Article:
It’s not what she’s wearing, it’s what you’re saying

By Nadine Jassat

We had a recent submission on our blog this month from an Edinburgh woman who sent out a special message to the victim blamers of this world:

To all the folk who try to tell women that they only get harassed because they are out at a time/ in a place/in an outfit that somehow provokes it, you’re dead wrong. I was walking down a residential road, at 8.45am, wearing a knee length dress, leggings, ankle boots, scarf and denim jacket,  [and] hardly any make up.

Her post is engaging directly with the prevalent myth that a woman’s choice of clothing and location is somehow correlative to her own complicity in whatever violence may be acted against her. This feat of victim blaming, otherwise known as ‘asking for it’, is perpetuated by those who are either a) misogynists, or b) those who in their ignorance either choose to blame the victim as a way of denying the – admittedly terrifying – reality of sexual violence and society’s facilitative role in this (a.k.a, rape culture), or who simply have not thought about the issue at length, and are regurgitating what they see and hear elsewhere.  The division between these two categories is a simple one of Hate VS Ignorance. Of course, misogynists inhale ignorance like they do fresh air, but it festers in their lungs and transforms into an exhalation that is pure hatred.

There have been some excellent campaigns here in Scotland which have challenged such myths. Despite this, when it comes to street harassment, I still hear people saying: ‘but what did she expect dressed like that?’, or, ‘if she didn’t want people to comment on her appearance, she shouldn’t put so much effort into looking good’. When society at large tends to dismiss the cat calling and uninvited touching which women experience on a daily basis as everything ranging from a ‘compliment’ to ‘banter’, it can be hard to challenge these attitudes.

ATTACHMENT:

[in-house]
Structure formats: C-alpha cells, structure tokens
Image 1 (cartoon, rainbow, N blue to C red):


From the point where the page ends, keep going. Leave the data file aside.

To all those who would cry the two statements above, and excuse street harassment based on how a woman looks, I say this. Firstly, as my opening quote shows, women get harassed no matter where they go, what they are doing, or what they are wearing. Further, harassment can vary from harassers telling women how ‘beautiful’ they think they are, to how ‘ugly’, and everything in between. It is naive to think that it is always issued and received as complimentary. Using this knowledge, it is basic common sense that the cause of  harassment cannot lie with the victim, but must instead lie with the perpetrator, and the attitudes which make him feel he is entitled to act in such a manner.  To argue against this is to claim that women invite harassment simply by existing, which puts the claimant into the misogynist category, and nobody likes a hater.

Secondly,Victim Blamer, why don’t you try wearing a track suit and getting into a nice restaurant for a celebratory meal, a cool bar for the tastiest mojitos in town, or a fun club to dance the night away. Let me know how that works out for you – and how it feels to know that your liberty to do what you want is restricted by what you’re wearing. Consider the pressure women are constantly under to look good. Turn on your TV and count the adverts aimed at telling women how they can have thinner bodies, longer lashes, shinier hair, clearer skin. Read children’s magazines, and watch children’s TV, to understand how as a society from an early age we raise our daughters in a culture which says their value lies in their physical appearance. We give them pacifiers in the shape of red pouting lips, sexualise and glamorise the female TV characters they may look up, and sell them jumpers with the slogan ‘I’m too pretty to do homework’. A 2005 survey found that 63% of girls would like to be glamour models. With this in mind, which seems more logical: that even the very young dress to invite sexual attention, or that we live in a society which tells them that beauty is success.

This isn’t to say that we as human beings aren’t allowed to take pride in our appearance: there’s nothing wrong with wearing something which makes you feel amazing, or with seeing a multi-coloured manicure as a work of art. The problem lies when this goes from a choice to a compulsion; where makeup and fashion is something men cannot participate in, and something which women must. Where you make choices regarding your physical appearance out of obligation rather than enjoyment. Given the context outlined above, ask our hypothetical victim blamer to consider how a woman must feel, pressured for as long as she can remember into maximising her physical appearance, only to find that she is then to blame should she be attacked, intimidated, or simply exhausted by street harassers on account of it. When you say ‘what did she expect dressed like that’, consider, is that really the question you should be asking?

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  1. [...] Hollaback! Edinburgh addressed the important topic of victim blaming in a well-researched recent blog post! [...]

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